It seems Paperchase is on the brink of administration, and for some Velveteers that’s led to a wave of nostalgia – not least because there was one over the road from our Chiswick office that some of us regularly visited.
On the one hand, we have people at Velvet who are old enough to have been avid letter writers as kids, with penpals around the world. And with lockdowns making us focus on mental health, there’s been a move to encourage letter writing or journaling to combat loneliness.
Clearly it’s not just comms people who are avid stationery addicts who love nothing more than scribbling in quirky, high-quality journals. Beautiful stationery was, and continues to be, a massive thing, an often failproof gift.
So here’s an opportunity missed; maybe Paperchase is simply reaping its own unfortunate harvest. Over recent years it has pandered to an increasingly younger demographic, inevitably alienating customers over the age of 16 with its focus on unicorn rubbers and pineapple pens.
Not only did it miss out on Gen-Z’s retro cravings – vinyl, cassette players, typewriters, vintage cameras et al – the stationery and craft market for young adults is huge and it’s a shame that Paperchase was unable (or unwilling) to cater to this slightly older demographic.
Nor could it compete with its other mainstay – cards. Those old school Velveteers who still send cards tend to buy them at National Trust houses, museums, on holiday and in those little antique shops – or they go online. (Moonpig’s discount codes, simple app and ability to get around the hassle of buying stamps has drastically increased its appeal in recent years.)
Put bluntly, Paperchase has had ample time to get a handle on the direction of traffic to online and you still can’t buy personalised cards on its website. What did it really expect would happen?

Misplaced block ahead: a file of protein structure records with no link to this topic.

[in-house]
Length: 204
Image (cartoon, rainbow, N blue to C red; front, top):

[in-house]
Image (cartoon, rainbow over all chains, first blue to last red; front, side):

Yes, Paperchase is fun. Insta-worthy notebooks (e.g. planners embroidered with phrases like ‘live your best life’) might attract some, but there is that element of cringe that disenchants more lucrative shoppers who prefer minimalist designs.
It’s also expensive. While Paperchase is a great place to browse for inspiration, people know they’ll get cheaper, similar-enough products delivered from the marketplace giants. Post Covid, it’ll only ever benefit the window shopper.
What Paperchase’s absence from our high streets represents is potentially something bigger; it’s a signal that we’re losing touch with one of our oldest, most sophisticated and tactile of communications tools: paper.
The pandemic has forced many of us to work from home that weren’t set up for it. Consequently, the blue screen has taken precedence over articles we once printed to proof, lists through which we drew big, fat, super-satisfactory lines and even reading a real book. You see things differently on paper than on a scroll.
So what Paperchase represents against the backdrop of 2020 (and now 2021) may be greater than yet another shop going down the plug. We see what WFH has done to societal cohesion – people miss people and things they took for granted.
It may well be that the new normal will look a lot like the old normal with some minor tweaks – a return to offices, telephone (rather than video) calls, and paper. But if that new normal doesn’t include Paperchase, which was never really a destination shop in the first place – maybe that’s its own fault for not moving with the times.